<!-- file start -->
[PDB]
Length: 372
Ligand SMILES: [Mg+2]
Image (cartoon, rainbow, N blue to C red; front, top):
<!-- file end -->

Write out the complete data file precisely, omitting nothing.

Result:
[PDB]
Length: 372
Ligand SMILES: [Mg+2]
Image (cartoon, rainbow, N blue to C red; front, top):